Best in the World to Not Wanted, All in a Few Months.

August 26, 2014 at 10:31 am Leave a comment

They say that in sport one minute you can be up, on top of the World, and then the next you are down. 

One man finding out how that is the case is World Champion winning Kookaburra Tim Deavin. Just over a month ago he was a late replacement called up to replace the unfortunate Glenn Simpson for the Kookaburras at the World Cup in the Hague. An event Australia went on to win in convincing style. 

Last week on returning home to Tasmania from the Australian Institute of Sport base in Perth, Western Australia, Deavin wanted to give back to Tasmanian Hockey and the club he played for before accepting an AIS scholarship, but all thoughts of that were soon crushed.  

Deavin has been banned by hockey administrators from playing for his local club Tamar Churinga in the Greater Northern League competition. The team currently sits on the bottom of the GNL ladder.

Hockey Tasmania chief executive Andrew Winch was reported to have said that he did not the support the decision but was unable to overrule it.

A bizarre way of welcoming home a local boy who has climbed to the summit of his sport and who is happy to do his bit to raise the profile of the sport. Deavin was happy to give up his time for no fee to support the sport during his trip home and even travelled to Hobart to speak with and encourage junior players taking part in the School Sports Australia under-12 championships.

Sadly he is not alone other Kookaburras finally returning home to their state’s of origin are finding that they too cannot play for their original club sides.

Whereas it is easy to understand that competition rules require require players to have played a set number of games during the season to be eligible to play in finals deciders and the finals themselves, these players have only not been available because they have been with the National team. They have not been flown in purely for the finals, they are returning players. None have played for other sides in that competition.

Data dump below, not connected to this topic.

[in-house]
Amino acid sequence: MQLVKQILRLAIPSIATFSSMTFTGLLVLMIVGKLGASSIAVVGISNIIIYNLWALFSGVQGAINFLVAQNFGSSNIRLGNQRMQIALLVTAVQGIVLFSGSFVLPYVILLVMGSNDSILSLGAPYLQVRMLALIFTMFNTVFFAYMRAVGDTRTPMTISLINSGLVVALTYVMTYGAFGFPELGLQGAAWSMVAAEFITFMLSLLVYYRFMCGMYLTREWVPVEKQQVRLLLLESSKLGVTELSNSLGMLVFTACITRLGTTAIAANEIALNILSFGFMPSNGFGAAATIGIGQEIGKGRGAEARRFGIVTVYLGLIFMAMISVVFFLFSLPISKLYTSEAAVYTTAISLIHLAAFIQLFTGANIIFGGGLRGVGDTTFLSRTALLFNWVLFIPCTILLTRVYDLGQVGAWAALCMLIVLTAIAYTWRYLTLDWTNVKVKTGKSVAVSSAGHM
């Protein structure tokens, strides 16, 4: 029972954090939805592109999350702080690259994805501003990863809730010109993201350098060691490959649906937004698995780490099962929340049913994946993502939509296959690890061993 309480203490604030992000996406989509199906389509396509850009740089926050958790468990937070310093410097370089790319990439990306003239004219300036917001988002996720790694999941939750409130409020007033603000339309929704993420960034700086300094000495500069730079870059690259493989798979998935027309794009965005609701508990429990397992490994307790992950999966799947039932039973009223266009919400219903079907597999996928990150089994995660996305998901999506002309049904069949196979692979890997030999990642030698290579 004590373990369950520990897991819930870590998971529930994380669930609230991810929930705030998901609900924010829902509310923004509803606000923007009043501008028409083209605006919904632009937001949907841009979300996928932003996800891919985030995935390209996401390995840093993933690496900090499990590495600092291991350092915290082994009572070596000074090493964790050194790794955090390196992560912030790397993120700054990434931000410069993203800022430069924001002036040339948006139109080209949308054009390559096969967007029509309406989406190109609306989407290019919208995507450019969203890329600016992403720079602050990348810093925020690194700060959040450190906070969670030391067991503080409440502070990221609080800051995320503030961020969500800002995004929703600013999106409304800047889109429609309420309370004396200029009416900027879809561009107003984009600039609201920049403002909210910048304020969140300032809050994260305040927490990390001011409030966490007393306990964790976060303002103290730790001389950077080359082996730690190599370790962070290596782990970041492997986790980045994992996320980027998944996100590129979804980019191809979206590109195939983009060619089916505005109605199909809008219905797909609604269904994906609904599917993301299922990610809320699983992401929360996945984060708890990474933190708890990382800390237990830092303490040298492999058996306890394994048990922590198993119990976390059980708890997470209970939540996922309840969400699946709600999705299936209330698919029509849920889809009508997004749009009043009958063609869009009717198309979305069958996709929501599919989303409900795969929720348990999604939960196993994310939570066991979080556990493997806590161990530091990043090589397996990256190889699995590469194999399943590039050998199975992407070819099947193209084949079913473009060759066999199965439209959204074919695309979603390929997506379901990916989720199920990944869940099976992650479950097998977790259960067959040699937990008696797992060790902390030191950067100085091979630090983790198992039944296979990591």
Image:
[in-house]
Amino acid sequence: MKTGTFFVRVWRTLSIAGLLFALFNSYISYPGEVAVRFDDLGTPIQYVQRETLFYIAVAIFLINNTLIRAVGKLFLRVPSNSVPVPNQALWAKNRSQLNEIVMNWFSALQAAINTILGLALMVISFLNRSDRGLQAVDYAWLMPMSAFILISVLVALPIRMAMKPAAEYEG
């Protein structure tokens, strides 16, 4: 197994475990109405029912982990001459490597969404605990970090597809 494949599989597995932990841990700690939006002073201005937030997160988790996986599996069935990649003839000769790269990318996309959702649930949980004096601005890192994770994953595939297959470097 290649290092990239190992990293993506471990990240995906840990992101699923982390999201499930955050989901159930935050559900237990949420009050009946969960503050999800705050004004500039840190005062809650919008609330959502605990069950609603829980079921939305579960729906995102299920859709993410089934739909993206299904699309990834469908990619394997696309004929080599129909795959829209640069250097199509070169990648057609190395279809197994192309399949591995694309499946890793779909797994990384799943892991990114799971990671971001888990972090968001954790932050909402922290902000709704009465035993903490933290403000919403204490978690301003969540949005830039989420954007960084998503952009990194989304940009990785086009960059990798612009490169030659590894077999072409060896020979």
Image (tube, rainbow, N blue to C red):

It is an extremely short sighted view being taken by the various Associations. They need to open their eyes and see the bigger picture. Surely the top players in the competition have aspirations to play for the Kookaburras in which case they will want to test themselves against the best. Also there is nothing better for a younger player to see a player who took the same path as he is on and made it to the top, and to see them in your clubs colours is the icing on the cake, this is where inspiration comes from.

With the Kookaburras and Hockeyroos playing a great many of their games overseas or in Western Australia hockey needs to embrace these players coming home and not shun them, as the children who love the sport get so few chances to see their heroes in action. It is this interaction that inspires the next generation of players. 

It is a shame that a sport that is desperate for media coverage now finds itself receiving negative press because of the shortsighted views of a minority. 

 

 

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